Alva Carrasco, director of the Los Angeles Region at Burns Engineering, discussed several topics with METRO, including equity and post-pandemic challenges.
Transit Equity, Post-Pandemic Challenges, and Ridership
Dig into this Q&A to learn more about how transit agencies are viewing transportation equity, how Burn Engineering is navigating challenges presented by the COVID-19 pandemic, and ways to improve ridership.
METRO: How are consultants helping transit agencies, if at all, with the idea of transit equity and inclusion?
Carrasco: Many disadvantaged communities remain underserved. Communities are relying on transit facilities and amenities that have suffered from years of underinvestment or no investment at all. Fortunately, our transit clients face a once-in-a-generation opportunity.
We can improve mobility, environmental justice, and social equity with infrastructure investments that directly impact disadvantaged communities. This is especially true given President Biden’s Justice40 initiative, which promises to direct 40 percent of federal investments to communities that are marginalized, underserved, and suffer disproportionately from pollution.
At Burns, we take, very seriously, our responsibility to support clients in implementing their transformational projects. Acting as a consulting partner, it is our role to deliver future-ready facility upgrades and infrastructure improvements. Looking ahead, we can make tremendous progress in expanding transit’s benefits — especially to our region’s most vulnerable communities.
METRO: How has the pandemic impacted your workforce and what are you doing to address those issues, if any?
Carrasco: As a result of the pandemic, Burns has instituted a hybrid working environment, providing a level of flexibility while still maintaining a culture of collaboration and camaraderie. Our employees and our clients appreciate the hybrid system. On a personal level, I feel a lot more motivated when I know I am going to the office to meet with my team.
Burns is growing at an incredible rate. We’re on pace to expand staff by 30% this year. Competing for engineering talent remains a challenge, especially during a nationwide workforce shortage. Fortunately, our mission-critical clients entrust us to deliver specialized, state-of-the-art projects. The opportunity to be part of that work draws the best of the best.
METRO: In the past, transit’s biggest issue has been funding. With the funds now coming in via IIJA and other programs, what must the industry do to capitalize on that infusion of money?
Carrasco: We’re fortunate to be experiencing the largest infusion of federal funding for public transportation in the country’s history. It’s an exciting time to be in the industry.
However, for many agencies, there simply isn’t enough in-house capacity to manage this influx of capital funds.
Project managers have become hard to come by, and they are hard to retain — both in the public and private sectors. I’m seeing a lot more interest in owner’s representative and program management oversight (PMO) services. Due to a lack of in-house resources, more agencies will look to add capacity by partnering with management consultants.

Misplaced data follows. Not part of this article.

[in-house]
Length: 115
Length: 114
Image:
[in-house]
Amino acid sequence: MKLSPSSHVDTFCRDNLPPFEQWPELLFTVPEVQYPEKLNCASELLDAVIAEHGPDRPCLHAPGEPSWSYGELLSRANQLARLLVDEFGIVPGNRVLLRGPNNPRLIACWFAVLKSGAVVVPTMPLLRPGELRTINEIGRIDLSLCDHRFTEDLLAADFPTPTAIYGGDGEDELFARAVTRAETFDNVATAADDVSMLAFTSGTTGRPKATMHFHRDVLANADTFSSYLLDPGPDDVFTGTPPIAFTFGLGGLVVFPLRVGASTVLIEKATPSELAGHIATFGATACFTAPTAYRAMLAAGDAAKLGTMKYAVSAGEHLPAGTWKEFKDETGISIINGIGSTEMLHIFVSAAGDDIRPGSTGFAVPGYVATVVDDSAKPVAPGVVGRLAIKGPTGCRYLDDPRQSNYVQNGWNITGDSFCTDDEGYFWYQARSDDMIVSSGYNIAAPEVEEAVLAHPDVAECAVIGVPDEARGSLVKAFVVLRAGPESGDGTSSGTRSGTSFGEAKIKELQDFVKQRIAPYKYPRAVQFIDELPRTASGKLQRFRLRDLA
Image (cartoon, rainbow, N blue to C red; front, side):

METRO: What will some keys be to transit being able to bring back ridership post-pandemic?
Carrasco: The pandemic shutdown upended everything we knew about transit. While many professional service workers were able to stay home, we witnessed frontline and essential workers continue to rely on public transit.
Three years later, some sectors are still struggling to get their workers to come back to work in the office. As an industry, we need to look at making transit systems work for those who rely on it the most.
Needless to say, there isn’t a silver bullet. We can start by focusing on improvements in system safety and security. That includes neighborhood-level enhancements, focusing on areas that surround bus stops or train stations.
Service schedules should consider customers whose shifts fall outside peak service hours and increase the frequency of service on lifeline routes. We should look for ways to provide greater bus stop amenities, such as shading, lighting, and seating — especially in disadvantaged communities.
Given the impact of inflation on commuters’ wallets, now may be the time for agencies to evaluate whether free fare programs are feasible. Some agencies are offering these programs for students, which can attract a new generation of riders.
METRO: What are the main hurdles for agencies in areas like California and New York in meeting the electric bus mandates? Is it feasible to believe they can overcome these issues to meet the mandates put into place?
Carrasco: Currently, the biggest barrier is the lack of funds for zero-emission buses (ZEB) and related infrastructure improvements.
California will need billions of dollars to fully transition public transit off fossil fuels to meet the California Air Resources Board (CARB) 2040 mandate. Even though the state and federal government are allocating unprecedented amounts of funds, it will still not be enough to cover all associated costs.
ZEB battery range remains a significant barrier as well. Although battery performance continues to improve year by year, manufacturers’ range estimates still do not necessarily reflect on-the-ground conditions.
Topography, weather, and route operations must all be considered. Battery-electric technology may not be mature enough to satisfy every system’s demands.
As battery and charging technology continue to improve, we can reasonably expect to see a greater range, declining costs, and advancements in reliability.
Eventually, I believe ZEBs will reach parity with conventional internal combustion engines. Getting there will require significant investment and carefully thought-out planning.